Poland’s Plan to Record all pregnancies Sparks concerns


Poland’s Plan to Record all pregnancies Sparks concerns

Poland’s Health Ministry planned a concept to formally register every maternity, a leader reported, sparking issues themove would result in Pregnant Polish Women “under surveillance” and break down on abortions performed abroad.

The decree, written in Oct by the Polish Ministry of Health, was created public last week by opposition MP Krzysztof Brejza (PO).

Under the planned changes, pregnant women in Republic of Poland who receive any quite treatment would have to be compelled to have their maternity registered into the Medical system (SIM), a national information to keep track of patients medical records.

The goal is to avoid prescribing medicines that aren't counselled throughout maternity and, within the case of providing life-saving treatment, within the event of inability to get info from the patient, the Health Ministry said.

In addition, the employment of knowledge concerning maternity is critical to verify additional services, like receiving free medication or the proper priority, access to health services.

But critics have raised issues the move would place pregnant Polish women under surveillance from health authorities, who would be ready to grasp whether or not they terminated giving birth or receiving an abortion.

While the Republic of Poland already had one of the strictest abortion laws in Europe, a court ruling last year declared it illegal to have an abortion in cases of fetal defects, introducing a near-total ban on abortions that are currently permissible in cases of rape incest, or once the mother’s life is in danger.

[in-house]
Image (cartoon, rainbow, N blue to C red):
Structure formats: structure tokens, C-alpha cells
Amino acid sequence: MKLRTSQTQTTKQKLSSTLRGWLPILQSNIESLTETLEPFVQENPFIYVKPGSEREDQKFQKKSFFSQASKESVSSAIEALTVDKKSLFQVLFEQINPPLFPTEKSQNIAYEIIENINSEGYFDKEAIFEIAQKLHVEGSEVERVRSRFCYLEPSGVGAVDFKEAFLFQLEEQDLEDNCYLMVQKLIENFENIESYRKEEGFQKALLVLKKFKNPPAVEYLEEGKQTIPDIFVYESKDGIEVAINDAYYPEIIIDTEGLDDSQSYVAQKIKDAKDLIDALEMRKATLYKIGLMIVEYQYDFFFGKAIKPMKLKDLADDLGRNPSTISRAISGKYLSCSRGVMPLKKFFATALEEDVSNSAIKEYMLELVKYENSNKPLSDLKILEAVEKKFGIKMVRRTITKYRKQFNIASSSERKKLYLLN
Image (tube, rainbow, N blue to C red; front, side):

As a result, several Polish women decide on unsafe secret abortions, or travel abroad – as well to European nation, Slovakia, Germany, or Oesterreich – to terminate their maternity.

Both cases may, below the obligatory registration planned by the Polish Health Ministry, be tracked down and monitored. It remains unclear, however, whether or not state prosecutors would be ready to access the written record. The authorities may use [the registry] to pursue women who go abroad to terminate a pregnancy.

Earlier this year, Polish officers had urged authorities in neighbour European nations to take necessary measures to put an end to “abortion tourism” and keep Polish women from terminating their pregnancy across the border. The request was not considered by the Czech government.

The death,  of 30-year-old Izabela in the southern Republic of Poland when doctors delayed a potentially life-saving abortion, was the primary to appear to the ruling, drawing tens of thousands of Poles within the street to protest the government’s restrictions.

Several European countries, as well as Belgium and also the Netherlands, have already planned plans to fund and facilitate abortions for Polish women unable to receive such operations at home.

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